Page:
Hope is about imagining better, about knowing that we are one with the power that sustains the universe, and being free from the illusion that we’re separate and not part of the whole. We can no longer think of our own needs without appreciating how we are all connected—the whole human race, all forms of life, as well as future generations. Coming together as human beings, we can create something better for the future.
By becoming our best selves, by never giving up on hope, and being aware and compassionate, we are more able to help others. If others lose hope, then we have to find a way to reawaken it, for the miracle of hope is that it’s contagious—it’s a gift we can give to others.
Our hope for this better world means cooperation in the continual process of change and adaptation. We cannot survive alone. We need living networks as in nature, where all the major ecosystems are built on conversations between the interdependent parts.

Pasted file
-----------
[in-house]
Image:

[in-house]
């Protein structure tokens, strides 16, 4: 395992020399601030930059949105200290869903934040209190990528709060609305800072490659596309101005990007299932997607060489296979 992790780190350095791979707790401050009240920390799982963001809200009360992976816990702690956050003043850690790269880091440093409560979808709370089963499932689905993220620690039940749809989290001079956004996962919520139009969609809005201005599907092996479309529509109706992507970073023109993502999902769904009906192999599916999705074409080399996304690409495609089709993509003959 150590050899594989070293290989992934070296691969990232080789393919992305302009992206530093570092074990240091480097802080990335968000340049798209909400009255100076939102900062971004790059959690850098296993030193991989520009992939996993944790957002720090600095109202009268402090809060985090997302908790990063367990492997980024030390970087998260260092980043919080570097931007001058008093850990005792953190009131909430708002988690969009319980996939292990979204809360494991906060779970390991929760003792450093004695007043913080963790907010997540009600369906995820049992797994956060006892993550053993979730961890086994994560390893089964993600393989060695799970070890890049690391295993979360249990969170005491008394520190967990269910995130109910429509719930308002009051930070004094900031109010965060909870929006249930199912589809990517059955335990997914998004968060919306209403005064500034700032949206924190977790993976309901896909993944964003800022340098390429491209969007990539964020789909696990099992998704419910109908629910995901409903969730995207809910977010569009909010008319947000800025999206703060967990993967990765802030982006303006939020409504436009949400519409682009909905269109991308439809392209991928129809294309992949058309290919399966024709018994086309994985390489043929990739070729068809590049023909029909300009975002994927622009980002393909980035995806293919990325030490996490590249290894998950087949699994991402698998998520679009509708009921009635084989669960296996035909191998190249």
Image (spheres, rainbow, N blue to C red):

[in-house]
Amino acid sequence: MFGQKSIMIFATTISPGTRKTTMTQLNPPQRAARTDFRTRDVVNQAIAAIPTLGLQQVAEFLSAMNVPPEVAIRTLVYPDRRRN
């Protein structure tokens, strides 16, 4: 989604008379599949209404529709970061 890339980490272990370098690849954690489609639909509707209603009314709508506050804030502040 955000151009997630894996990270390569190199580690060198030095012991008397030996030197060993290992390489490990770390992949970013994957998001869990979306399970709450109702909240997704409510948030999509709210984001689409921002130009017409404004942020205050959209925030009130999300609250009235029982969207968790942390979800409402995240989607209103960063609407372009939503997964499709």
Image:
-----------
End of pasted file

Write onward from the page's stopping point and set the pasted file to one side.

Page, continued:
Our task as human beings is to come together to form a planetary community, overcoming the growing fragmentation and separation. Each one of us can join with another, and then another, so that a revolution in consciousness can come about, as Pope Francis reminded us in his April 2017 TED Talk (see the Pope's inspirational TED Talk further down this page):
Through the darkness of today’s conflicts, each and every one of us can become a bright candle, a reminder that light will overcome darkness, and never the other way around.